good:

We just released all of our most recent magazine’s content up on our site. GOOD 024: The Data Issue is our look at the world of data, and the ways in which it influences—both negatively and positively—our lives. 

Click through to see all of the amazing stories. And, if you haven’t yet, be sure to pick up a copy, since it really is so nice to hold in your hands and flip through. 

Our new report covers online learning in higher ed, but there’s another report out today with data about K-12 online learners: Click here to download the PDF.

What we’re reading: Twitter Users Blast the London Rioters
A special computational analysis from our sister project PEJ (@PEJPew) found that Twitter users overwhelmingly focused on the London riots last week, with many highly angered by and critical of the chaos. While much of the mainstream news coverage explored the causes of the riots, social media users were much more intent on denouncing the destruction. Read more…

What we’re reading: Twitter Users Blast the London Rioters

A special computational analysis from our sister project PEJ (@PEJPew) found that Twitter users overwhelmingly focused on the London riots last week, with many highly angered by and critical of the chaos. While much of the mainstream news coverage explored the causes of the riots, social media users were much more intent on denouncing the destruction. Read more

emergentfutures:

comScore has released results of a study on mobile QR and bar code scanning based on data from its comScore MobiLens service. A QR (“Quick Response”) code is a specific matrix bar code (or two-dimensional code) that is readable by smartphones. The study found that in June 2011, 14 million mobile users in the U.S., representing 6.2 percent of the total mobile audience, scanned a QR or bar code on their mobile device

Our latest report includes the finding that, in the month prior to taking our survey, 13% of cell phone owners had pretended to be using their phone in order to avoid interacting with the people around them. And The Atlantic is asking you to help give this practice a name:

 If you’re of a certain age and position relative to a metro area, you have almost undoubtedly engaged in this practice. And now that Pew has identified it as a national-level behavior, we need to name it. Sarah Rich suggests “dodge dialing.” Derek Thompson coined “the cell phone side step.” And Becca Rosen likes “phaking.” You got a better name? Something’s gotta catch on.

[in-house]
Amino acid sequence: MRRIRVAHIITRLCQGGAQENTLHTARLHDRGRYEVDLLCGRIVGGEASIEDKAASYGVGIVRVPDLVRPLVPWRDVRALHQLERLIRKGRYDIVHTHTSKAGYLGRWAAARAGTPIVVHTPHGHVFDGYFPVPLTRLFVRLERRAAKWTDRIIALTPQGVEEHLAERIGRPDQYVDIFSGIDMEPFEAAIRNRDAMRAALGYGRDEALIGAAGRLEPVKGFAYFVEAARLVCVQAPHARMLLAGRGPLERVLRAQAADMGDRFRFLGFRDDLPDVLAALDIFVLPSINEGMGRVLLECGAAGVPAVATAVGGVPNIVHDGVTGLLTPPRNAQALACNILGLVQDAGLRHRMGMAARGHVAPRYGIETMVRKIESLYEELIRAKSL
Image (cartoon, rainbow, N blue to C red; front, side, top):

This report represents the first research into congressional staffers’ attitudes about their offices’ use of social media. The findings are based on an online survey of congressional staff on their opinions and practices related to constituent communications, including social media. The findings are based on a survey of congressional staff which was conducted between October 12 and December 13, 2010. The survey had 260 respondents.

More: Read through the key findings or download the PDF.

In a three-part series in the Boston Globe, Amanda Katz is looking at the past, present, and future of reading. Here, in the second part of the series, she asks: As e-book sales surge and those of paper peers struggle, how far will transition to digital go?

Related research: E-reader ownership doubles in six months (2011)

Tags: ebooks links

Fred Trotter on how the “Programmable Self” can be applied to healthier living

Q: So how would you explain the “Programmable Self” to my mother?

Fred Trotter: The basic idea is that I’m going to make a contract with myself to change, and software will manage that contract. There’s things that software can do, but it’s a very limited palette. You can have software embarrass you by posting something to Facebook. You can have software encourage you or praise you by posting something to Twitter. You can have software take your money, or software can give you money. By focusing on software’s motivational components, you can try to program yourself.   

analyticisms:

Very nice infographic by and about LinkedIn usage and demographics.  Very interesting data for B2B marketers.

analyticisms:

Very nice infographic by and about LinkedIn usage and demographics.  Very interesting data for B2B marketers.

A paper published today in the journal Cyberpsychology, Behavior and Social Networking examines how cell phones help and hurt teen/parent relationships. Read the full paper, “No Crossed Wires: Cell Phone Communications in Parent-Adolescent Relationships" (pdf), or a summary from the New York Times at the link above.

Further reading at pewinternet.org:

"Barnes & Noble Inc. said Thursday it will give $315 in e-books to customers who buy a Nook electronic reader in the bookseller’s stores — as long as they show them that they have another e-reader and want to make a switch."

Tags: ebooks news links